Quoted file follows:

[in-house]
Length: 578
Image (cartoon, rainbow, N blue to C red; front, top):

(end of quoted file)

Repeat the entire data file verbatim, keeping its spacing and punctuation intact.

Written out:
[in-house]
Length: 578
Image (cartoon, rainbow, N blue to C red; front, top):